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C of E Environment Programme: Churches and people

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‘Think Global, Act Local’ is an apt and popular slogan. Although much of the environmental debate is on a global scale, there are many practical ways for people and organisations to contribute to the effort.

So far, over 300 churches in the Diocese have taken part in one environment-related project or another. Every church is urged to play a full part in the effort to lessen our environmental impact. Everyone needs to play their part if we are to achieve our shared goals.

  • The environment should form part of every church’s Mission Action Plan, reflecting the Diocese’s aims while taking account of local needs and circumstances;
  • Each church is encouraged to designate an individual, or a group of members, as Creation Care Champions.

We owe a debt to the energy and dedication of these champions. A group is even better than one individual. Their pooled time and efforts will be greater; the challenge to care for God’s creation should be shared; it’s easier for a group to draw in more people.

Eco Church

Every church in the Diocese is encouraged to sign up to Eco Church, the nationwide Christian environmental awards scheme, and to take action towards gaining an Eco Church award.

Participation in Eco Church helps to build environmmental concern into every aspect of the church’s worship and mission.

So far, more than 184 churches in the Diocese have signed up for Eco Church, and 88 of these have gained Gold, Silver or Bronze awards.

Parish annual returns

Since 2007, churches in the Diocese have been encouraged to measure their energy use (from 2005 onwards). Figures for energy consumption have been requested as part of Parish Annual Returns.

The Diocese is now using the national Energy Footprint Tool, part of Parish Annual Returns. This system also calculates a church’s carbon footprint and benchmarks it against neutral standards, awarding A++ to G grades for energy and carbon efficiency according to a church’s size and activities.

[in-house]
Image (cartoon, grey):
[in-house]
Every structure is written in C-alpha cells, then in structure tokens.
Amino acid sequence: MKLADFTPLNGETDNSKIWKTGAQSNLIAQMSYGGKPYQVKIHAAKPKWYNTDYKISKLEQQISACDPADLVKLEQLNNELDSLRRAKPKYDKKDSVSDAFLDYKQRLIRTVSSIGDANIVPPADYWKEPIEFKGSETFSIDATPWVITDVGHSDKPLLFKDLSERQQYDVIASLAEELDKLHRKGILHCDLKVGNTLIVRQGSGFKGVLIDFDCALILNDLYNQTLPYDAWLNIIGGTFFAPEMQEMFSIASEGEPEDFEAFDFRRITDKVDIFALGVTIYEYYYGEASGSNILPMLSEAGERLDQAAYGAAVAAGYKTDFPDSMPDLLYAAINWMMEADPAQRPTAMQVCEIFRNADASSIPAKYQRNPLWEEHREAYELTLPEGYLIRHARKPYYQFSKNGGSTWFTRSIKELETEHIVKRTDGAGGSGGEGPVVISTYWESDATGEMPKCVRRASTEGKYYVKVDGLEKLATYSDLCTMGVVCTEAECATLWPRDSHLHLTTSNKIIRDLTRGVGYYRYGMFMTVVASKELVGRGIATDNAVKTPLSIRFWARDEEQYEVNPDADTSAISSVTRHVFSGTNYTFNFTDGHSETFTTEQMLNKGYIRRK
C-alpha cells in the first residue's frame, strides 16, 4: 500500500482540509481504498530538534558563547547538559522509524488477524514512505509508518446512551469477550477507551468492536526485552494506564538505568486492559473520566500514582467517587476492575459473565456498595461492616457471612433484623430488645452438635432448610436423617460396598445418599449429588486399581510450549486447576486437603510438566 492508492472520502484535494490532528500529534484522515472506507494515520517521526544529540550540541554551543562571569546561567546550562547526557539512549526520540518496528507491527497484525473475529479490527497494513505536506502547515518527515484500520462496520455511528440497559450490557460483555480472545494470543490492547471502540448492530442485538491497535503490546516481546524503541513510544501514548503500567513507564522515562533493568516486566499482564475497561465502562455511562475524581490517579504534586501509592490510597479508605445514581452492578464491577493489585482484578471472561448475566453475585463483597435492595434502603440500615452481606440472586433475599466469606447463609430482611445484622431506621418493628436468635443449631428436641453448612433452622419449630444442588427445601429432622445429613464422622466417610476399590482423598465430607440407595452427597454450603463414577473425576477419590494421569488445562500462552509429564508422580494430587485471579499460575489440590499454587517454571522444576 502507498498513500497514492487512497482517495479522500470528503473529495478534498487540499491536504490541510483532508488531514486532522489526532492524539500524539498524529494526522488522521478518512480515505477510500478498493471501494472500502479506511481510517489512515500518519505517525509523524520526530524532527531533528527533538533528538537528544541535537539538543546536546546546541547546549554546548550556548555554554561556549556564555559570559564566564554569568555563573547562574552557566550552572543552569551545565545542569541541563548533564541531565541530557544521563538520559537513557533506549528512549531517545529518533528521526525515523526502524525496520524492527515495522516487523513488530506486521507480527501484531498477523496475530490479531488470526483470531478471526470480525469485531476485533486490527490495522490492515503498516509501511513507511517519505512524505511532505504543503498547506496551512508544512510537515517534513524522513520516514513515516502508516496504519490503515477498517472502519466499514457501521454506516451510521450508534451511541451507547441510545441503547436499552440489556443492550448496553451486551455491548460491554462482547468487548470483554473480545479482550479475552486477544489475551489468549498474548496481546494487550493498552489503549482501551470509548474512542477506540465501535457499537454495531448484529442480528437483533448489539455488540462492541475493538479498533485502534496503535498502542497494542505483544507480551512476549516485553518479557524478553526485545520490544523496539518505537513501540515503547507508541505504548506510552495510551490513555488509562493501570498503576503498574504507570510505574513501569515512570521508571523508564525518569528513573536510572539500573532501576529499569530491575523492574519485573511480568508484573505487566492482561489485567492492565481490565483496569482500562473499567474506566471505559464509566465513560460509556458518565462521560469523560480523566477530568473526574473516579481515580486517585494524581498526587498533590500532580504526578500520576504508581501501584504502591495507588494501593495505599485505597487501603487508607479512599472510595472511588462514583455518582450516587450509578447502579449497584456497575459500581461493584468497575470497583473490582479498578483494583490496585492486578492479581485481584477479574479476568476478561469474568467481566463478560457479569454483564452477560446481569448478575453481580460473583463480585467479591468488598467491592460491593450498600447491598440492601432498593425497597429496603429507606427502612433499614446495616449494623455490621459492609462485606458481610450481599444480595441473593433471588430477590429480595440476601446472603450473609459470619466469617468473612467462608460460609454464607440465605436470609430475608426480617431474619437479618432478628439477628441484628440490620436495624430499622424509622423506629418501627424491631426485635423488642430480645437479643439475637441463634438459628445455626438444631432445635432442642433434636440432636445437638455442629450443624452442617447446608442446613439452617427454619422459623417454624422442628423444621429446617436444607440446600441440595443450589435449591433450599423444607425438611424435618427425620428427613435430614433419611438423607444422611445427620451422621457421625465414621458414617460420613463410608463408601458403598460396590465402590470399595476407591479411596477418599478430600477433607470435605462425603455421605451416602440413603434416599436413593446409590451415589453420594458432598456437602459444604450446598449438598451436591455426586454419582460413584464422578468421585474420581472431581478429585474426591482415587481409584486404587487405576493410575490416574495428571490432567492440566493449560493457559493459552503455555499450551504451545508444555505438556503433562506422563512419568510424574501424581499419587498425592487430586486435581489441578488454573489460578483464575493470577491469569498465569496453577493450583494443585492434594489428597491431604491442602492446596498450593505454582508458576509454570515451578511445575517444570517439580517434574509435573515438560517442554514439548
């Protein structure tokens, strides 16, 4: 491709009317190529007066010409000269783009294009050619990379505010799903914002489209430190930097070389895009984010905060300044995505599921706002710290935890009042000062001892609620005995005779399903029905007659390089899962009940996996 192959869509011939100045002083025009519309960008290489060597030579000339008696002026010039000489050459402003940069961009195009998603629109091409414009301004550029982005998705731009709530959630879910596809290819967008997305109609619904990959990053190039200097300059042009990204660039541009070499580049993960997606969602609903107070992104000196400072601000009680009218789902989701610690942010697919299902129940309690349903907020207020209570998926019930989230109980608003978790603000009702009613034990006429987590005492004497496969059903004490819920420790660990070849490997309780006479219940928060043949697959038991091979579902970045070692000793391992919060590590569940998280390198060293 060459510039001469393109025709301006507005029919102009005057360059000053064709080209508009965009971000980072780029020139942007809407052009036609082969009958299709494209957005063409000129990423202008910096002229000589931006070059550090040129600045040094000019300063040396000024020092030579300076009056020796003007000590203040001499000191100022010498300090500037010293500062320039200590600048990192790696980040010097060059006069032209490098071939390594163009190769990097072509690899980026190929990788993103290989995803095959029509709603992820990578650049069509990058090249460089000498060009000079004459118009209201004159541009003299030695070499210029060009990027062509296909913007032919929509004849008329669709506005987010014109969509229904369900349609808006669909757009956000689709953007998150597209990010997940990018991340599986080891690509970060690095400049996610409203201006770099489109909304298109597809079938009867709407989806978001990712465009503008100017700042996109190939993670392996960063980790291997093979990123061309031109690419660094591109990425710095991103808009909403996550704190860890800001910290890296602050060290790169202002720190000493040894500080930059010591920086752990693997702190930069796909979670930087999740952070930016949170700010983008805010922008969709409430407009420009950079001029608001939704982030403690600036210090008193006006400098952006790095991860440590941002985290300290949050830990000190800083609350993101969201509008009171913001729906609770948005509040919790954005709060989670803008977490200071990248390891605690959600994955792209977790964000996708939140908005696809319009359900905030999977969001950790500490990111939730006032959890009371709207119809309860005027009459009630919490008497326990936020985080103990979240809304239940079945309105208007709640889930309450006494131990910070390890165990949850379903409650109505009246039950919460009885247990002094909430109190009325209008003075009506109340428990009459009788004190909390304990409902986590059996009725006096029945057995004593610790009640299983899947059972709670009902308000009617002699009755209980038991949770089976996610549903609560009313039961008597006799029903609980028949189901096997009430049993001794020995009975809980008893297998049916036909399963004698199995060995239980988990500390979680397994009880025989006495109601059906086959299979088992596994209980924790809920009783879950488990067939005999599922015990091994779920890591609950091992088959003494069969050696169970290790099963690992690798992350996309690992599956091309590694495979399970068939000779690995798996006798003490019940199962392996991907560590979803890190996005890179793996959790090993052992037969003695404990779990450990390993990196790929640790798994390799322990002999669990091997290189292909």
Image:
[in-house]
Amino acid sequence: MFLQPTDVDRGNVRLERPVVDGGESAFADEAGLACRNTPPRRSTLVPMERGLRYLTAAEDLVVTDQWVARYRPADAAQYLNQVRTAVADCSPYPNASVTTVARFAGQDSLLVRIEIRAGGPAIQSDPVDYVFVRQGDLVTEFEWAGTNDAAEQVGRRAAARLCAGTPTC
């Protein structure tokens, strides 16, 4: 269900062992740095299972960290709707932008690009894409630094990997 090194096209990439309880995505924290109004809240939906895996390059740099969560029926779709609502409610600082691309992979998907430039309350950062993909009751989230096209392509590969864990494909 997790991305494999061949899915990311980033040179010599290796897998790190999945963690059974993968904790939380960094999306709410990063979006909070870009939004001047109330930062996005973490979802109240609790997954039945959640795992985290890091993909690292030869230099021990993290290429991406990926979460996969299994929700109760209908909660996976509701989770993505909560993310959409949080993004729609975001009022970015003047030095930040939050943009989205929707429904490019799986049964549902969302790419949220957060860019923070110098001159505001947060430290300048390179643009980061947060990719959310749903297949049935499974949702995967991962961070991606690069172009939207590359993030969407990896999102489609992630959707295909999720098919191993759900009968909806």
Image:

This information is very useful in implementing our ‘Shrinking the Footprint’ effort. Not only does it measure our progress in helping tackle climate change; it also promotes energy security, and helps us reduce costs.

Three basic steps

Once we have measured our energy use and carbon footprint, we need to take steps to reduce them, by:

  • Replacing lightbulbs with low energy LEDs
  • Making a plan to cut the carbon footprint of our heating system
  • Switching to a green energy supplier.

Most of our churches have already taken some or all of these actions.

Going further

Churches are encouraged to take part in the Diocese’s Climate Action Programme with projects to improve the energy and carbon efficiency of its buildings in a manner appropriate to its particular circumstances, to build environmental concern into all its maintenance and development plans.

Examples of such projects include Solar Panels.

It is also vital that we are as economical as we can be in our use of water and that we recycle regularly and effectively.

Walking the talk

The lessons we learn in church should be taken home with us to our everyday lives – whether that be at work, school or college, in our free time or on holiday.

There are so many ways for individuals and families to reduce our environmental impact and help tackle climate change – while still enjoying ‘fullness of life’.

This includes our shopping habits, the food we eat and how we travel.


Head of Environment and Sustainability.

Eco Church
Mission Action Plans
Creation Care Champions.

Measuring energy use
Parish Annual Returns.

Lighting and energy use
Heating and energy use
Green Energy Suppliers.

Climate Action Programme
Climate Action Projects
Generating your own energy
Solar panels
Climate Action Finance.

Conserving water in church and home
Waste collection and recycling
Food and drink
Transport and travel.

A Rocha UK
Green Christian.

Environment and Sustainability, front page.

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